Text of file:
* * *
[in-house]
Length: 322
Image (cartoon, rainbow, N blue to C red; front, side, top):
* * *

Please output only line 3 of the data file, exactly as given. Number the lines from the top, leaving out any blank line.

Image (cartoon, rainbow, N blue to C red; front, side, top):